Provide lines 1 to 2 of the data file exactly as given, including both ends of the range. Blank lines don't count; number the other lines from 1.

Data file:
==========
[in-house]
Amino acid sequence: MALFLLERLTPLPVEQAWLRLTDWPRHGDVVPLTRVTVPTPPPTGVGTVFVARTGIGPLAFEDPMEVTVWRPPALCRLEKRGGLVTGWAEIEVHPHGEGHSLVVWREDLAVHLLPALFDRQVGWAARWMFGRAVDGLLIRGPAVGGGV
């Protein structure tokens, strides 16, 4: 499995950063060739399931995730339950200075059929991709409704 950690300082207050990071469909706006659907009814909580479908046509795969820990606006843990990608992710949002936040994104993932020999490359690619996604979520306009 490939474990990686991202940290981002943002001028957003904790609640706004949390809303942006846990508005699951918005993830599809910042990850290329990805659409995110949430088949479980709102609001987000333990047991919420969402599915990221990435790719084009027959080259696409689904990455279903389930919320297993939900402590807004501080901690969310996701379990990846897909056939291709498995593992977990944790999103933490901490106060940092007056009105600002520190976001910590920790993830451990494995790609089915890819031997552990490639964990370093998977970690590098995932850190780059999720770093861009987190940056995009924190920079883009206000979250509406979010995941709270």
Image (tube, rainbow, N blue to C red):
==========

[in-house]
Amino acid sequence: MALFLLERLTPLPVEQAWLRLTDWPRHGDVVPLTRVTVPTPPPTGVGTVFVARTGIGPLAFEDPMEVTVWRPPALCRLEKRGGLVTGWAEIEVHPHGEGHSLVVWREDLAVHLLPALFDRQVGWAARWMFGRAVDGLLIRGPAVGGGV